Updated: Thursday, 9th July 2020 @ 8:21am

The 'ignored' war in Congo: Refugees have a lot to offer Manchester

The 'ignored' war in Congo: Refugees have a lot to offer Manchester

By Carrie Smith

The Democratic Republic of Congo and Manchester do not often appear in the same breath.

One is a war-torn African country the size of Western Europe and awarded the title of rape capital of the world by one senior UN official, while the other is a cosmopolitan city often flouted as the football capital of the world.

Yet Manchester is home to more than 1,000 Congolese refugees – many living in poverty – who have fled the country often described as the centre-point of Africa’s world war and regularly awarded the dubious accolade of being bottom of the UN’s human development index.

City captain Vincent Kompany and Bolton’s Fabrice Muamba both have connections to the  second-largest country in Africa.

Kompany, whose father was a Congolese migrant to Belgium, does regular charity work for children in Kinshasa, and Muamba followed his father – a political adviser for former president Mobutu – to the UK after he fled the DRC.

Lutala Tambwe, 36, organiser of Salford-based African Refugees Support Centre (ARSC), came to the UK from Congo, where much of her family still live.

“This generation really need help and we find them on the street – education is fine, but they need something else,” she says.

“The young ones need to understand their background and women are limited because of language and technology.”

Two years ago, ARSC won funding and had a team of volunteers helping African refugees within the community by providing a wide number of services, including translation, training and access to computers and the internet.

Now funding has dried up and the organisation, who no longer have their own office, rely on a room loaned to them by the New Life in Christ Church for their prayer group and choir practice.

As I sit with her at the charity’s temporary head quarters in the church, I can hear impassioned French prayers as her pastor husband, Antoni, leads a group in the next room.

Antoni is studying microbiology at Huddersfield University and hopes to open a laboratory in Congo when he graduates to help victims of malaria.

“Africa is crying,” Lutala says.  “But we see a bright new future for Congo.”

Lutala says she hopes one day to expand their work – she wants to send clothing to women and children in Congo.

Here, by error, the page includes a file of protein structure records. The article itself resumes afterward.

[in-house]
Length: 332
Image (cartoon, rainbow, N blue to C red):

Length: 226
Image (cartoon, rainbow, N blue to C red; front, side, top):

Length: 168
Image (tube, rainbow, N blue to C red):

She tells me of Congolese women she knows who have been attacked – gang-raped and assaulted by rebel soldiers with any object they can find: gun butts, sticks.

Sexual violence in Congo is systematic: 47 women are raped there every hour.  In one particularly brutal four-day period, 300 women were violently raped by rebel groups in the remote area of Walikale.

But it is also men who are targeted by this weapon of war – they are raped and sexually tortured by rebel groups, their children and wives forced to watch.

Lutala asks: “If we can help Egypt, why not Congo?”

And this is a question echoed by many.

Laura Seay, Assistant Professor of Political Science at Morehouse College, Atlanta, and leading blogger on African politics said: “Media and governments do tend to focus more on wars in the Arab world than in Africa.”

She points out that the US now imports as much oil from Africa each year as it does the Persian Gulf and Western governments are becoming increasingly concerned with countries such as Somalia becoming terrorist havens.

“I suspect that coverage of Africa will soon catch up to the continent’s geostrategic importance, but whether it will ever eclipse the Middle East in terms of Western attention is very much in doubt,” she says.

The war in Congo – often called Africa’s world war due to the huge death toll and its encompassing of Rwanda, Uganda, Burundi, Zimbabwe and others – is complex and it has often been reduced to a resource war or tribal battles.

Although a peace deal was brokered in 2003, the mineral-rich east of the country is still very much in conflict – and ignored by the rest of the world.

The Congo we see through Western eyes is usually primitive and corrupt, with a crude heart of darkness metaphor rolling in the dust and dirt as Tintin, dressed in safari attire, battles herds of wild animals and witch doctors. 

And yet despite its bloody history, Congo has such potential.  Its rivers alone could power much of Africa and although the state has failed, it’s vibrant and generous society certainly hasn’t, evident in the kindness and compassion shown by Lutala and the Congolese community in Salford and Manchester.

Lutala says goodbye and slips into position with the rest of the choir.  They sing in Bantu and it is beautiful.

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